Jane Eyre By Charlotte Brontë Chapters 28-29

"I am an orphan, the daughter of a clergyman. My parents died before I could know them. I was brought up a dependant; educated in a charitable institution. I will even tell you the name of the establishment, where I passed six years as a pupil, and two as a teacher — Lowood Orphan Asylum, — -shire: you will have heard of it, Mr. Rivers? — the Rev. Robert Brocklehurst is the treasurer."

"I have heard of Mr. Brocklehurst, and I have seen the school."

"I left Lowood nearly a year since to become a private governess. I obtained a good situation, and was happy. This place I was obliged to leave four days before I came here. The reason of my departure I cannot and ought not to explain: it would be useless, dangerous, and would sound incredible. No blame attached to me: I am as free from culpability as any one of you three. Miserable I am, and must be for a time; for the catastrophe which drove me from a house I had found a paradise was of a strange and direful nature. I observed but two points in planning my departure — speed, secrecy: to secure these, I had to leave behind me everything I possessed except a small parcel; which, in my hurry and trouble of mind, I forgot to take out of the coach that brought me to Whitcross. To this neighbourhood, then, I came, quite destitute. I slept two nights in the open air, and wandered about two days without crossing a threshold: but twice in that space of time did I taste food; and it was when brought by hunger, exhaustion, and despair almost to the last gasp, that you, Mr. Rivers, forbade me to perish of want at your door, and took me under the shelter of your roof. I know all your sisters have done for me since — for I have not been insensible during my seeming torpor — and I owe to their spontaneous, genuine, genial compassion as large a debt as to your evangelical charity."

"Don't make her talk any more now, St. John," said Diana, as I paused; "she is evidently not yet fit for excitement. Come to the sofa and sit down now, Miss Elliott."

I gave an involuntary half start at hearing the alias: I had forgotten my new name. Mr. Rivers, whom nothing seemed to escape, noticed it at once.

"You said your name was Jane Elliott?" he observed.

"I did say so; and it is the name by which I think it expedient to be called at present, but it is not my real name, and when I hear it, it sounds strange to me."

"Your real name you will not give?"

"No: I fear discovery above all things; and whatever disclosure would lead to it, I avoid."

"You are quite right, I am sure," said Diana. "Now do, brother, let her be at peace a while."

But when St. John had mused a few moments he recommenced as imperturbably and with as much acumen as ever.

"You would not like to be long dependent on our hospitality — you would wish, I see, to dispense as soon as may be with my sisters' compassion, and, above all, with my charity (I am quite sensible of the distinction drawn, nor do I resent it — it is just): you desire to be independent of us?"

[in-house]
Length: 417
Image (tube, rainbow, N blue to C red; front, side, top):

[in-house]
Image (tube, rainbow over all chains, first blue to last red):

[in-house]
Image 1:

"I do: I have already said so. Show me how to work, or how to seek work: that is all I now ask; then let me go, if it be but to the meanest cottage; but till then, allow me to stay here: I dread another essay of the horrors of homeless destitution."

"Indeed you shall stay here," said Diana, putting her white hand on my head. "You shall," repeated Mary, in the tone of undemonstrative sincerity which seemed natural to her.

"My sisters, you see, have a pleasure in keeping you," said Mr. St. John, "as they would have a pleasure in keeping and cherishing a half-frozen bird, some wintry wind might have driven through their casement. I feel more inclination to put you in the way of keeping yourself, and shall endeavour to do so; but observe, my sphere is narrow. I am but the incumbent of a poor country parish: my aid must be of the humblest sort. And if you are inclined to despise the day of small things, seek some more efficient succour than such as I can offer."

"She has already said that she is willing to do anything honest she can do," answered Diana for me; "and you know, St. John, she has no choice of helpers: she is forced to put up with such crusty people as you."

"I will be a dressmaker; I will be a plain-workwoman; I will be a servant, a nurse-girl, if I can be no better," I answered.

"Right," said Mr. St. John, quite coolly. "If such is your spirit, I promise to aid you, in my own time and way."

He now resumed the book with which he had been occupied before tea. I soon withdrew, for I had talked as much, and sat up as long, as my present strength would permit.

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